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Developers still deserve their day in the bureaucracy to make a case

Posted: September 4, 2013 - 12:00am

This editorial first appeared in the Fairbanks Daily News-Miner:

An important policy call awaits Environmental Protection Agency Administrator Gina McCarthy, who just visited Alaska. Will she use a section of the federal Clean Water Act to pre-empt any further consideration of the Pebble mine?

Doing so would be an abuse of a questionable authority using incomplete information.

McCarthy visited the Bristol Bay area during her visit and heard a lot of opposition to the mine, as well as some support. Alaskans obviously are divided about the wisdom of allowing the mine.

That division occurs despite the absence of a specific application to develop the Pebble deposit. The Pebble Partnership, which owns the ground, has outlined a likely scenario for the mine, but it hasn’t settled on a specific development plan.

Opponents hope McCarthy will relieve the Pebble Partnership of the need to finish its plan by effectively prohibiting a mine in the area beforehand. The partnership argues that the administrator should do no such thing before having a specific application to consider.

That makes sense, but opponents nonetheless argue that McCarthy should use Section 404(c) of the Clean Water Act, which governs the disposal of dredged or fill material, to stop any further consideration.

The subsection says this: “The administrator is authorized to prohibit the specification (including the withdrawal of specification) of any defined area as a disposal site, and he is authorized to deny or restrict the use of any defined area for specification (including the withdrawal of specification) as a disposal site, whenever he determines, after notice and opportunity for public hearings, that the discharge of such materials into such area will have an unacceptable adverse effect on municipal water supplies, shellfish beds and fishery areas (including spawning and breeding areas), wildlife, or recreational areas.”

Last year, in a letter to a congressman, EPA Associate Administrator Arvin Ganesan offered this interpretation of that law: “The plain language of the statute and the agency’s long-standing regulations clearly authorize the administrator to prohibit or restrict use of a defined area of the waters of the U.S. prior to the submittal of an application for a CWA Section 404 permit.”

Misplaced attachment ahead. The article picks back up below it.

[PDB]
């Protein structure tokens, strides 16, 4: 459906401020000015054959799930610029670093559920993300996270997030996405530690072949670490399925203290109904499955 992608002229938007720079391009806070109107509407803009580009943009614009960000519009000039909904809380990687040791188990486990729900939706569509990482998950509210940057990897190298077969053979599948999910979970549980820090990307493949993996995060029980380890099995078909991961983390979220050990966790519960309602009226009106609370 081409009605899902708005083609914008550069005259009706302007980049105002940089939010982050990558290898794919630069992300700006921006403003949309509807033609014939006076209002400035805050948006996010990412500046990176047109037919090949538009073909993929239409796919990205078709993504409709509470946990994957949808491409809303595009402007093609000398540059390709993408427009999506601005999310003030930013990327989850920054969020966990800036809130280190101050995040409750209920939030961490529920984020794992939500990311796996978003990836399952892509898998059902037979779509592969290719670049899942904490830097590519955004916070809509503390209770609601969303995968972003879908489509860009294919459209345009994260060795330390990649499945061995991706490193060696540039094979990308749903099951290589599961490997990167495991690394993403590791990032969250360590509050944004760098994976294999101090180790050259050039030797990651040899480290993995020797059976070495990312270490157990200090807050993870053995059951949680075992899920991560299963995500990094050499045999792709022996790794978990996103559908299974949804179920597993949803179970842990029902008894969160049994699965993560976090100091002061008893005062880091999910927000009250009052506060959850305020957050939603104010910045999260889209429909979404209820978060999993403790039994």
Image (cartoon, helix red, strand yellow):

This begs a question: How can the administrator determine that a mine’s discharge will have an “unacceptable adverse effect” without having an application that outlines the extent or nature of that discharge? This interpretation of the law makes no sense. Employing it, as outlined by Ganesan, would be an abuse of the agency’s authority.

The EPA’s recently completed Bristol Bay watershed assessment was pushed by opponents of the Pebble mine in hopes that it would provide the basis to prohibit a “defined area as a disposal site” — i.e., all the land near the Pebble deposit. The assessment provides no such basis. Besides the flaws described by the Pebble Partnership and others (see Pebble CEO John Shively’s May 26 commentary in the Daily News-Miner), the assessment’s conclusions are too indefinite to justify a pre-emption.

The assessment said that “assuming no significant accidents or failures, the development and routine operation of one large-scale mine would result in significant impacts on fish populations in streams surrounding the mine site.” Yes, but let’s reiterate that geographical description for emphasis: “in streams surrounding the mine site.” Those streams are the far upper reaches of the Koktuli River and Upper Talarik Creek. The statement cannot be applied to the entire Bristol Bay watershed.

What, though, would happen in a “significant” accident? The assessment says history “suggests that, over the life span of a large mine, at least one or more accidents or failures could occur, potentially resulting in immediate, severe impacts on salmon and detrimental, long-term impacts on salmon habitat and production.”

Fair enough. But what about this particular mine? Section 404(c), opponents argue, allows the administrator to stop a mine when she decides it “will have an unacceptable adverse effect.” The assessment, even with its shortcomings, falls far short of supporting such a conclusion about the Pebble mine, in part because the mine’s developers have not yet applied for the permit.

The Pebble Partnership should be given the chance to make its case. It has some tough hurdles. Pre-emption based on a flawed law and a flawed process shouldn’t be among them.

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